I personally don't know that this is a First Amendment issue, but I thought this quote from the concuring opinion (via How Appealing's write up) was particularly offensive and condescending in its dismissal of the potential for third graders to understand issues of animal rights and express their own opinions on the matter:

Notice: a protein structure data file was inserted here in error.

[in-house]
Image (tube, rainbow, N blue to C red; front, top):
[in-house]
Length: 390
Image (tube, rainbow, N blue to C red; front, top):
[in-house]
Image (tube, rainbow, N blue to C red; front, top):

I think that it is unlikely that the third grade children here could have had knowledge of how a circus treats its animals. After all, I have no such knowledge myself. Yet Amanda induced more than 30 of them to sign a petition that they did not want to go to the circus because it "hurt[s] animals." Of course, I recognize that even adults will sign petitions without understanding the issues involved and in doing so likely will be protected constitutionally, as will be the persons circulating the petitions. But the status of adults differs from that of children at school as in general public officers and agencies have no obligation to protect adults from their own conduct or the importuning by other persons. On the other hand, students are in the temporary custody of the school authorities who must protect them during the period of the custody. See Bd. of Educ. of Indep. Sch. Dist. No. 92 v. Earls, 122 S.Ct. 2559, 2565 (2002). Moreover, an eight- or nine-year old child might not be able to resist the peer pressure to sign a petition and thus might do so even if the petition advocates a position with which he or she does not agree. In any event, a child of such age should not be confronted with having to make the choice to sign or not sign.